Te Puke High School student Charlotte Buchanan will be in the ''hot seat" when Te Puke Community Board meets this evening.
Charlotte is one of four students from the school who will take turns attending the meetings to give the board a chance to hear the voice of youth.
Te Mote Marsh, Giovanni Rai and Paul Taylor are the other three, with Paul the first to attend a meeting in August.
''It was quite overwhelming at first, but once I settled in I felt welcome. They are all nice people,'' he says.
Community board chairman Richard Crawford approached the school's board of trustees to ask about the possibility of nominating a student to sit in on board meetings and workshops.
''All four of us put our names forward and we're just going to rotate through each meeting, sit there and represent the school and give the students' view on particular issues or events,'' says Paul.
Charlotte says her motivation is to help young people be involved in decision making.
''I've lived in the community ever since I was born. The opportunity was there and I thought 'if I go for it, I can help'. I know a lot of people and this would be a good opportunity to get students' ideas in.''
Te Mote, who is the student representative on the school board of trustees, says his motivation was similar.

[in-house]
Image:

''It's about being able to put forward the students' voice.''
Giovanni says he has attended Te Puke Primary, intermediate and high schools and has been involved in the community through the Vector Group Charitable Trust.
He says it's good students are being given the opportunity to have a say as they can see things differently to adults.
''It's the difference between the generations - the generation before us think different to the way we think and the next general will have different ideas.''
Charlotte says because most students are unable to vote, it is important that they have been given a voice in this way ''to get a youth's perspective''.
Paul says the decisions being made by the community board don't just affect those who can vote.
''There are so many students, so many youth, in the community, and a lot of the decision being made are going to affect us and our children in the long run, so having a youth voice is unbelievably important.''
All four students are in Year 12 which means they can continue in the role for the rest of 2020 and the whole of 2021.
''It's easier for other young people to talk to us than it would be for them to talk to adults,'' says Charlotte, who has done some work on finding out what the issues concerning young people are.
She says there are concerns about the number of alcohol shops in Te Puke and that young people would like to see more parks and skateparks, more plant life, neighbourhood enhancement, a food stand and a bike track.
Giovanni says he believes more is needed in Te Puke for young people.
''We used to have the Youth Hub, then that closed down, then we had Vector Charitable Trust and that [building] was closed. Now it's like, there's not one actual place or area that we can hang out as youth apart from the skatepark which isn't very good in wet weather.''
Richard says that during the local body elections there was recognition that it would be beneficial to have youth around the community board table.
''They have no voting rights, but they can offer a youthful view on things being talked about,'' he says.
Tonight's meeting is at Te Puke Library and Service Centre, starting at 7pm.